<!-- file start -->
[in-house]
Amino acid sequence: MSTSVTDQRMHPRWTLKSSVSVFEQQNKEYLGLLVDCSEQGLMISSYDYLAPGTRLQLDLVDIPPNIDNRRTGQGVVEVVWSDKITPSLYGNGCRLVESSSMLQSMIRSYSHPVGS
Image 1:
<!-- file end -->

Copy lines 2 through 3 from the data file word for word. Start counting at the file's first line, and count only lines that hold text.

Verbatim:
Amino acid sequence: MSTSVTDQRMHPRWTLKSSVSVFEQQNKEYLGLLVDCSEQGLMISSYDYLAPGTRLQLDLVDIPPNIDNRRTGQGVVEVVWSDKITPSLYGNGCRLVESSSMLQSMIRSYSHPVGS
Image 1: